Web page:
“How many brothers and sisters do you have?”

November 20, 2014 at 2:22 pm | Posted in Grief, twins | 10 Comments
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I have previously written about being asked “How many children do you have?”  Over the years, I have different responses to this question.  It may always be a tricky question for me to answer or maybe one day I will come up with the perfect response.  I will let you know.

“How many brothers and sisters do you have?” is the bereaved sibling’s version of this question.  They are both such common and polite questions but the answers for some of us are so complicated.

The other day on the playground a classmate asked one of the twins, “Do you have any brothers and sisters?”

She answered, “Yes, I have a twin brother and my 2 other brothers, Jake and Sawyer, passed away. ”

The second grade little boy answered, “Jake and Sawyer probably passed away to get away from you.”

Our little girl walked away.  She is not perfect, she has and will say mean things at times too.  I wish I could protect all of my children all the time.  Jake and Sawyer have taught me that I cannot.  As much as I hate it, there are things beyond my control.  I am going to do my best to teach kindness to the 2 who are physically with us.

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10 Comments »

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  1. You are helping Alyssa and Fletcher become such incredible, loving, caring people. Too bad not everyone is focused on that goal.

  2. I just started reading your blog. I lost twin boys in January and I often wonder how our future children will answer this same question. My heart breaks that a child would say that to your daughter. What a wonderful thing it is that she acknowledges her brothers that have passed, though. That shows strong and loving parenting.

  3. Not to In any way excuse the mean remark, which is just really nasty, but it may be that you’re dealing with the other kid not necessarily having a firm grasp either that “passed away” is a euphemism for “died” or that death is a real and permanent and very sad thing. I think I would teach the kids to say, “but they died when they were babies.” Harsher-sounding language when you’re an adult speaking to adults, but much mor helpful for comprehension when you’re a kid speaking to kids.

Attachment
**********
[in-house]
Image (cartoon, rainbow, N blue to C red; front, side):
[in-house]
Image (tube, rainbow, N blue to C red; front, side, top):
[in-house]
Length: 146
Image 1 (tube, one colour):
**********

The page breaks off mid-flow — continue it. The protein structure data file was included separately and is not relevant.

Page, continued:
4. Oh dahlin’. I couldn’t agree more with Krystal, you have taught Fletcher and Alyssa to remember Sawyer and Jake in so many loving, wonderful ways. It is so important that they can talk about their brothers who have passed away. Kids can be incredibly cruel, and we can’t always be there, absolutely one of the hardest parts of being a parent.

  5. So cruel. I just cannot understand what inner emotion drives kids to be mean. Hate this happened to Alyssa or any child.

  6. Lanie, you have done such an amazing job with Fletcher and Alyssa. I’ve found so many young kids can say such cruel things, but they generally have no idea what kind of impact what they say can have. I truly feel lucky to have such loving little (and adult) cousins!

  7. Your daughter handled the situation perfectly, she shouldn’t waste her time on such mean people

  8. Your daughter is braver than I am. I still have so much trouble with the “how many” question. What a trouper.

    As for kids being mean… it does take a while for a sense of empathy to develop, but I – like you – consider it my duty to help that development along, both in my own kids and in my students. Kindness and common courtesy go a long way throughout a person’s life; but sometimes it’s hard for them to see what an impact they have.

  9. That is so heartbreaking. My son died at the age of 17, I hate that question too, but always answer two children. My other son cannot talk about his brother (his brother died two months before he turned 10) He has become very good at brushing over questions he does not like answering, children of all ages can be insensitive and cruel. It is not the best way to deal with it, but that is the way he handles the hurt and pain. It is heartbreaking as mothers that we cannot protect our children.

  10. […] Go, the twins decided that today would be a great day for a Lemonade Stand to remember their brothers.  They set one up at the end of our driveway and raised money and awareness for the March of […]


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